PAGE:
Rattlesnakes, Insects And Mountain Lions, Oh My!
Sonora, CA – Following the reported treatment of a rattlesnake bite this week at an urgent care center in Angels Camp, Clarke Broadcasting reached out to local experts for some seasonal advice — and we got an earful of it to share.
While last year, the warmer drier weather brought some rattlesnakes out before spring even arrived, conditions this year are more normal, according to Kyle Orr, California Department of Fish and Wildlife spokesperson. “Essentially, rattlesnake sightings are starting to increase right now across the state during spring, and it is really two-fold this time of year. Certainly, snakes are more active — but people are also more active — more likely to be outdoors recreating, which leads to more rattlesnake sightings and encounters.”
Generally, rattlesnakes are active from April through October. Orr, who shares he has been a foothills hiker for years, has spotted the locally indigenous Northern Pacific rattlesnake but has managed so far to avoid any unfortunate encounters. By way of advice, he offers, “The best thing to do is give the rattlesnake space, as the animal will usually retreat on its own. Most bites happen when people handle or startle them.”
Don’t Grab That Floating ‘Stick’
“Any time you are out and about, people should not go barefoot or wear sandals while walking through wild areas,” Orr forewarns. When hiking, it is best to stick to well-used trails and wear over-the-ankle boots and long pants. Too, people should also be aware, he says, that rattlesnakes are found in urban areas such as rivers, at lakeside parks and even at golf courses. Because rattlesnakes can swim, when recreating in a lake or river do not grab for any objects that may only seem to look like a stick or a branch.
With rattler bites and for any snakebite incident, Tuolumne County Health Officer Dr. Liza Ortiz advises, “If you saw the snake, note the color so you can describe it to whomever you are getting medical attention from later.” She adds, “In general, the recommendation is to try to keep the person who was bitten still — and to keep the bite below the level of the heart – so you are trying to reduce the amount of circulation to that area that is going to go throughout your system.”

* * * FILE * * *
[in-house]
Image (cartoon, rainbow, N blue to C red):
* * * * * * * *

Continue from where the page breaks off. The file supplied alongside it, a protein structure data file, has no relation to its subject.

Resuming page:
Echoing Dr. Ortiz’s medical advice, Calaveras County Health Officer Dr. Dean Kelaita is keen to point out, “Most of the time when we see people brought into an emergency room or an urgent care after they have had a rattlesnake bite, it is because they have been messing with the animal in some way. Often times they get intoxicated and feel the need to molest or pester or pick up snakes – so don’t do that, because that is a recipe for getting bit.” Immediately after receiving such a wound the victim’s bite area should be washed with clean water and soap, as per American Red Cross procedures, he states. After immobilizing the area that was bitten, get the victim to an emergency room or healthcare facility that can provide treatment with anti-venom.
What To, And Not To Do
“Anti-venom is the only scientifically shown intervention that reduces the bad outcomes from rattlesnake bites,” Kelaita emphasizes. “Most of the time, these bites are not fatal but they can result in tissue damage or function of an arm or leg if that is where you happen to get bitten.”
Some common things not to do with snakebites, Kelaita warns, come straight out of old cowboy movies. “Do not cut the area where the snake has bitten you with a knife and try to suck out the venom or attach suction cups to pull out venom,” he says with a tinge of sternness. Since most people tend to apply tourniquets too tightly he advises dispensing with them altogether. “We see more bad results from tight tourniquets than help that a [loose] tourniquet can provide,” he explains. Kelaita also dispels a common myth that baby rattlesnakes are more deadly because they have not yet learned how to refrain from injecting venom when they strike. He notes that, baby rattlers actually produce much less venom due to their small size.